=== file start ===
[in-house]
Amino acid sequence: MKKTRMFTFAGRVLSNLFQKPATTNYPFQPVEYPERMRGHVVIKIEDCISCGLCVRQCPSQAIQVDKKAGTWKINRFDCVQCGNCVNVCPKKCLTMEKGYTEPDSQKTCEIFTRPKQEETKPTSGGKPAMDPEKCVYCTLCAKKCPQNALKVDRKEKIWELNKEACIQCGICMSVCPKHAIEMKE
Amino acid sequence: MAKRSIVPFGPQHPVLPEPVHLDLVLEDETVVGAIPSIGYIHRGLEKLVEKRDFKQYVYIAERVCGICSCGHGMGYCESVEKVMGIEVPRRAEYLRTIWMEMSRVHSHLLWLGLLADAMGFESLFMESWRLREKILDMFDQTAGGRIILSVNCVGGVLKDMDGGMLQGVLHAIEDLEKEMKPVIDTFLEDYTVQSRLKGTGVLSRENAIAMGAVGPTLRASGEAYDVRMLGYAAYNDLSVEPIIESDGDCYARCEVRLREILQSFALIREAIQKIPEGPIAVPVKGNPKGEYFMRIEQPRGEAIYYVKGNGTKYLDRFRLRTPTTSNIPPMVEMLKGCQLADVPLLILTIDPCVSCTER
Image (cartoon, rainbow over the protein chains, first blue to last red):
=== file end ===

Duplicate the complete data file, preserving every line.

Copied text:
[in-house]
Amino acid sequence: MKKTRMFTFAGRVLSNLFQKPATTNYPFQPVEYPERMRGHVVIKIEDCISCGLCVRQCPSQAIQVDKKAGTWKINRFDCVQCGNCVNVCPKKCLTMEKGYTEPDSQKTCEIFTRPKQEETKPTSGGKPAMDPEKCVYCTLCAKKCPQNALKVDRKEKIWELNKEACIQCGICMSVCPKHAIEMKE
Amino acid sequence: MAKRSIVPFGPQHPVLPEPVHLDLVLEDETVVGAIPSIGYIHRGLEKLVEKRDFKQYVYIAERVCGICSCGHGMGYCESVEKVMGIEVPRRAEYLRTIWMEMSRVHSHLLWLGLLADAMGFESLFMESWRLREKILDMFDQTAGGRIILSVNCVGGVLKDMDGGMLQGVLHAIEDLEKEMKPVIDTFLEDYTVQSRLKGTGVLSRENAIAMGAVGPTLRASGEAYDVRMLGYAAYNDLSVEPIIESDGDCYARCEVRLREILQSFALIREAIQKIPEGPIAVPVKGNPKGEYFMRIEQPRGEAIYYVKGNGTKYLDRFRLRTPTTSNIPPMVEMLKGCQLADVPLLILTIDPCVSCTER
Image (cartoon, rainbow over the protein chains, first blue to last red):